Umbrella thorn

Acacia tortilis Subspecies heteracantha

Umbrella thorn (Acacia tortilis heteracantha )
A small to medium sized slow growing tree with an umbrella shaped canopy. It has both straight and hooked thorns to help protect its highly nutritious leaves and pods from herbivores. These drought resistant trees occur in deciduous woodland, bushveld and grassveld.

7 facts about the umbrella thorn (Acacia tortilis Subspecies heteracantha)

1. A chemical prevents its own saplings competing for resources

Like other acacia trees the umbrella thorn practices allelopathy, a process where the tree releases a chemical into the soil which prevents even its own saplings from growing and therefore reduces competition for resources.

2. Umbrella thorn roots

The roots of the umbrella thorn are used to make spear shafts, fishing spears and frameworks for temporary shelters.

3. Mabungu grubs

Umbrella thorn trees are often infested by mabungu grubs, the larvae of the longhorn beetle (Cerambycidae). The grubs are high in protein and fried as a delicacy.

4. Straight and hooked thorns

The Afrikaans name for the umbrella thorn is Hook-en-steek which translates as “hook and prick” due to the tree possessing both straight and hooked thorns.

5. Stock fencing

The thorny branches of the umbrella thorn are used to make temporary enclosures to keep livestock in and wild animals out.

6. Umbrella thorn gum

The gum of the umbrella thorn which is rich in carbohydrate is eaten by lesser bushbabies, vervet monkeys and baboons.

7. Contorted seed pods

The species name, tortilis, refers to the contorted and twisted pods and heteracantha means “different thorns” due to the umbrella thorn possessing both straight and hooked thorns.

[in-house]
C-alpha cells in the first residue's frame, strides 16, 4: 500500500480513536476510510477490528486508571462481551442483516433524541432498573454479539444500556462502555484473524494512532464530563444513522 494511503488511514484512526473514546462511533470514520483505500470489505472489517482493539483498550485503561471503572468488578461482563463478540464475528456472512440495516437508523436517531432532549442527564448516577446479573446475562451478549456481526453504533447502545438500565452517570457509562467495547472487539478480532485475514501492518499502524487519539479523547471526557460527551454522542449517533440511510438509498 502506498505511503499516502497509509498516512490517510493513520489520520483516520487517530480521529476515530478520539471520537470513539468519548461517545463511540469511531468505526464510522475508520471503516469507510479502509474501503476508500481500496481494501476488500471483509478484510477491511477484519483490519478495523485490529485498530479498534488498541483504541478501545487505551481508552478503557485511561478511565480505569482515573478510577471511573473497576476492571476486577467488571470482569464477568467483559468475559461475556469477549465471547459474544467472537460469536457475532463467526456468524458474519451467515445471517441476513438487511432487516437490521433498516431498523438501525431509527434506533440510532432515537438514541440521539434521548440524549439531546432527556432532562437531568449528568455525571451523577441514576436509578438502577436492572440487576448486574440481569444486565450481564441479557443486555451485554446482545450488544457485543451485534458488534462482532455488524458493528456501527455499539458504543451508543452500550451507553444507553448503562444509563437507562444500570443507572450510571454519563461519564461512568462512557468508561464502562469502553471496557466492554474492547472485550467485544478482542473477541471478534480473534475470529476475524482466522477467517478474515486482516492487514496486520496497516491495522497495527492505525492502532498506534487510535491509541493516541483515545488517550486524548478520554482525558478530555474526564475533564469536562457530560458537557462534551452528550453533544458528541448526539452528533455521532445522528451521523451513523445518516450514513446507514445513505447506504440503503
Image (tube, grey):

Related posts

There are plenty more trees to explore on Fascinating Africa, but if you only have time to check one out visit the mopane page to discover 8 fun facts, my favourite is:

To conserve water on hot or windy days the 2 sides of the mopane leaf will limit evaporation by folding together and thus reducing the surface area that is exposed.

Mopane (Colophospermum mopane)

Conservation status : Not protected
Height : 5 to 20 m
Foliage : Deciduous
Family : Pod bearing (Fabaceae)

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The thorny branches of the umbrella thorn are used to make temporary enclosures to keep livestock in and wild animals out.

The gum of the umbrella thorn which is rich in carbohydrate is eaten by lesser bushbabies, vervet monkeys and baboons.

The roots of the umbrella thorn are used to make spear shafts, fishing spears and frameworks for temporary shelters.

The species name, tortilis, refers to the contorted and twisted pods and heteracantha means “different thorns” due to the umbrella thorn possessing both straight and hooked thorns.

Umbrella thorn trees are often infested by mabungu grubs, the larvae of the longhorn beetle (Cerambycidae). The grubs are high in protein and fried as a delicacy.

Like other acacia trees the umbrella thorn practices allelopathy, a process where the tree releases a chemical into the soil which prevents even its own saplings from growing and therefore reduces competition for resources.

The Afrikaans name for the umbrella thorn is Hook-en-steek which translates as “hook and prick” due to the tree possessing both straight and hooked thorns.